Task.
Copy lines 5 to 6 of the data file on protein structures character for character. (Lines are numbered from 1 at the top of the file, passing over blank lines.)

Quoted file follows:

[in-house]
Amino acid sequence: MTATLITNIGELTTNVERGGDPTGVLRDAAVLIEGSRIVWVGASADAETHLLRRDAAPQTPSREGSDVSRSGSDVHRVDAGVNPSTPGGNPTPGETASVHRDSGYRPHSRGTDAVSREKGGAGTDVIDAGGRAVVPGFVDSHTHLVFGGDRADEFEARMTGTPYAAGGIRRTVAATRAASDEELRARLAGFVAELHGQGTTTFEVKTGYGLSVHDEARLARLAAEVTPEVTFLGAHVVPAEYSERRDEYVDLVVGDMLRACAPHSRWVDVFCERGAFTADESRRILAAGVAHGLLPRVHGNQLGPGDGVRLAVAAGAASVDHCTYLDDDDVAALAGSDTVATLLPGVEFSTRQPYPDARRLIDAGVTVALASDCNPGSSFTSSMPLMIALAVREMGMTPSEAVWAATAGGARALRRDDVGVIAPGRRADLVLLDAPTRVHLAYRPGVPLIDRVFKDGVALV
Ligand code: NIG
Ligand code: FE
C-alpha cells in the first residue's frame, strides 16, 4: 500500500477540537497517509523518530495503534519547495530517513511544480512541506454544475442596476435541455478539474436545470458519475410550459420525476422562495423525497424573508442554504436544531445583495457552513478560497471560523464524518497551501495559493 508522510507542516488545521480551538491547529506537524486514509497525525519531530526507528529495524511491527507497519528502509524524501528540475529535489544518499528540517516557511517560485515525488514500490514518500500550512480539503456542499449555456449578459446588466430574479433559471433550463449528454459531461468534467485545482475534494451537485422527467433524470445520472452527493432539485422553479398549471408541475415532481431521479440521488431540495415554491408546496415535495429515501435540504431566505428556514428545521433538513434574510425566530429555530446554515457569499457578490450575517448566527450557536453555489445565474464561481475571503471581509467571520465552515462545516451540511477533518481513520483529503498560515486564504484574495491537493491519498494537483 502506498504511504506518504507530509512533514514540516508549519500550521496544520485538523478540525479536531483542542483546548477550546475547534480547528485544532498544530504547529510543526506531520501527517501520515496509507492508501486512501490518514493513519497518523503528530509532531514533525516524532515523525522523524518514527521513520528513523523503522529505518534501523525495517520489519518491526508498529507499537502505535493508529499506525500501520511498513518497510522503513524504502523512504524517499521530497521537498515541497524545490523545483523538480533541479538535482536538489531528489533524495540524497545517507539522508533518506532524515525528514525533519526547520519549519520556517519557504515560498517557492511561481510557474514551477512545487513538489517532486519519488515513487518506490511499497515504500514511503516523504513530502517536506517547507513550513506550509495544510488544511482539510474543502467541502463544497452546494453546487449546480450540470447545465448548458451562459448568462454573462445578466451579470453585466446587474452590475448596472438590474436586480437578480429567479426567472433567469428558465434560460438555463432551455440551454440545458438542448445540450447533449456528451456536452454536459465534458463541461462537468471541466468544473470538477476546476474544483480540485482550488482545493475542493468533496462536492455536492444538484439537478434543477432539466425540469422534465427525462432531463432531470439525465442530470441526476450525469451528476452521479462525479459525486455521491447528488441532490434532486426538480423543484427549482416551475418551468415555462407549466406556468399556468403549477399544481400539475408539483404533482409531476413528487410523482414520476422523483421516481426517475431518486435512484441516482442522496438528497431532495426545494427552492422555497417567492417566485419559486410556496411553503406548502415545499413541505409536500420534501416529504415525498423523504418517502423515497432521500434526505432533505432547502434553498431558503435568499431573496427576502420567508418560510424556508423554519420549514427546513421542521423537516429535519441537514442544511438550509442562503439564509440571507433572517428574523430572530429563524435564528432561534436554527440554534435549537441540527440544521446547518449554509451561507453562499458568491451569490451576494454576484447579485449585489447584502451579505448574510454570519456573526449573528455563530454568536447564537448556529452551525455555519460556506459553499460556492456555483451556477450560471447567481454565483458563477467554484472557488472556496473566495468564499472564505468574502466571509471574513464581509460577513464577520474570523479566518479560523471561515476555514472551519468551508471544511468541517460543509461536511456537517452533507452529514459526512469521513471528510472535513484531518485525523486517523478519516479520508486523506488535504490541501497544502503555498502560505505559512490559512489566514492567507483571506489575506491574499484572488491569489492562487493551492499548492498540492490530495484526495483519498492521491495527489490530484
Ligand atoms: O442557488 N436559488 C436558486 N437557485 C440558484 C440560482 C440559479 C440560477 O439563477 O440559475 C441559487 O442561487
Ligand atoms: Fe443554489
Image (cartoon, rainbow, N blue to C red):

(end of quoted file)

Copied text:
C-alpha cells in the first residue's frame, strides 16, 4: 500500500477540537497517509523518530495503534519547495530517513511544480512541506454544475442596476435541455478539474436545470458519475410550459420525476422562495423525497424573508442554504436544531445583495457552513478560497471560523464524518497551501495559493 508522510507542516488545521480551538491547529506537524486514509497525525519531530526507528529495524511491527507497519528502509524524501528540475529535489544518499528540517516557511517560485515525488514500490514518500500550512480539503456542499449555456449578459446588466430574479433559471433550463449528454459531461468534467485545482475534494451537485422527467433524470445520472452527493432539485422553479398549471408541475415532481431521479440521488431540495415554491408546496415535495429515501435540504431566505428556514428545521433538513434574510425566530429555530446554515457569499457578490450575517448566527450557536453555489445565474464561481475571503471581509467571520465552515462545516451540511477533518481513520483529503498560515486564504484574495491537493491519498494537483 502506498504511504506518504507530509512533514514540516508549519500550521496544520485538523478540525479536531483542542483546548477550546475547534480547528485544532498544530504547529510543526506531520501527517501520515496509507492508501486512501490518514493513519497518523503528530509532531514533525516524532515523525522523524518514527521513520528513523523503522529505518534501523525495517520489519518491526508498529507499537502505535493508529499506525500501520511498513518497510522503513524504502523512504524517499521530497521537498515541497524545490523545483523538480533541479538535482536538489531528489533524495540524497545517507539522508533518506532524515525528514525533519526547520519549519520556517519557504515560498517557492511561481510557474514551477512545487513538489517532486519519488515513487518506490511499497515504500514511503516523504513530502517536506517547507513550513506550509495544510488544511482539510474543502467541502463544497452546494453546487449546480450540470447545465448548458451562459448568462454573462445578466451579470453585466446587474452590475448596472438590474436586480437578480429567479426567472433567469428558465434560460438555463432551455440551454440545458438542448445540450447533449456528451456536452454536459465534458463541461462537468471541466468544473470538477476546476474544483480540485482550488482545493475542493468533496462536492455536492444538484439537478434543477432539466425540469422534465427525462432531463432531470439525465442530470441526476450525469451528476452521479462525479459525486455521491447528488441532490434532486426538480423543484427549482416551475418551468415555462407549466406556468399556468403549477399544481400539475408539483404533482409531476413528487410523482414520476422523483421516481426517475431518486435512484441516482442522496438528497431532495426545494427552492422555497417567492417566485419559486410556496411553503406548502415545499413541505409536500420534501416529504415525498423523504418517502423515497432521500434526505432533505432547502434553498431558503435568499431573496427576502420567508418560510424556508423554519420549514427546513421542521423537516429535519441537514442544511438550509442562503439564509440571507433572517428574523430572530429563524435564528432561534436554527440554534435549537441540527440544521446547518449554509451561507453562499458568491451569490451576494454576484447579485449585489447584502451579505448574510454570519456573526449573528455563530454568536447564537448556529452551525455555519460556506459553499460556492456555483451556477450560471447567481454565483458563477467554484472557488472556496473566495468564499472564505468574502466571509471574513464581509460577513464577520474570523479566518479560523471561515476555514472551519468551508471544511468541517460543509461536511456537517452533507452529514459526512469521513471528510472535513484531518485525523486517523478519516479520508486523506488535504490541501497544502503555498502560505505559512490559512489566514492567507483571506489575506491574499484572488491569489492562487493551492499548492498540492490530495484526495483519498492521491495527489490530484
Ligand atoms: O442557488 N436559488 C436558486 N437557485 C440558484 C440560482 C440559479 C440560477 O439563477 O440559475 C441559487 O442561487